Fast Recipes

Beef braciole with cavolo nero and parmesan salad

Australian Gourmet Traveller recipe for Beef braciole with cavolo nero and parmesan salad

  • Serves 6
Beef braciole with cavolo nero and parmesan salad
Beef braciole with cavolo nero and parmesan salad

Traditionally topside is used for braciole, but we’ve taken inspiration from Mario Batali’s beef fillet version.

Ingredients

  • 70 ml olive oil
  • 1 onion, finely chopped
  • 80 gm mild pancetta, finely chopped
  • 2 garlic cloves, finely chopped
  • 2 tbsp each rosemary and thyme, finely chopped
  • 80 gm coarse sourdough crumbs from day-old bread
  • 20 gm currants, soaked in 40ml aged red wine vinegar for 10 minutes
  • 1 beef fillet (about 1.2kg), butterflied (see note)
Cavolo nero and parmesan salad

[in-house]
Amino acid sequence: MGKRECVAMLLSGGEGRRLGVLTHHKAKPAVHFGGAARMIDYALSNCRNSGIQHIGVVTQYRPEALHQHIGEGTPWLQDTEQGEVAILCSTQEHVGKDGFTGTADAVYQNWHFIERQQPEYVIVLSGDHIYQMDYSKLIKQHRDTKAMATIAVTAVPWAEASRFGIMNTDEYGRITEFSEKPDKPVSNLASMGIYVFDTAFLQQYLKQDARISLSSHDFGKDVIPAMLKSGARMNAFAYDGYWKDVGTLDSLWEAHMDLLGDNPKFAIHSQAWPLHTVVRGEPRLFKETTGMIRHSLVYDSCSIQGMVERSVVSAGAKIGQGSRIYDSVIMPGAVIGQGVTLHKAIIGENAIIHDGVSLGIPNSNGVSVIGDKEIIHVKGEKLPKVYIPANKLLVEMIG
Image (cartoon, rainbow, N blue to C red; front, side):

• 1 bunch cavolo nero, thinly sliced
  • 1 fennel bulb, thinly sliced on a mandolin, fronds reserved
  • 30 ml lemon juice
  • 2 tbsp extra-virgin olive oil
  • 30 gm finely grated parmesan

Method

Main
  • 1
    Preheat oven to 200C. Heat 30ml oil in a frying pan over medium heat, add onion, pancetta and garlic, stir occasionally until tender (5-7 minutes). Add herbs, stir until fragrant, remove from heat, cool slightly, add crumbs and currant mixture, season to taste.
  • 2
    Place beef on a work surface, scatter over filling, roll beef to form a long cylinder, then tie at intervals with kitchen string to secure and cut widthways into six rounds.
  • 3
    Preheat a char-grill pan over high heat. Drizzle beef with remaining oil, season to taste and grill until browned (1-2 minutes each side). Transfer to a baking tray, roast until cooked (7-10 minutes for medium-rare), set aside to rest (5 minutes).
  • 4
    Meanwhile, for cavolo nero and parmesan salad, combine ingredients in a bowl and season to taste. Serve with beef.

Notes

To butterfly beef fillet, cut lengthways halfway through fillet, open it up, then cut horizontally from the centre through each side so fillet opens up like a book and forms a flat piece. Or ask your butcher to do it for you.
This recipe is from the June 2011 issue of
.

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